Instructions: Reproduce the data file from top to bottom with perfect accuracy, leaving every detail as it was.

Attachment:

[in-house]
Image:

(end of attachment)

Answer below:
[in-house]
Image: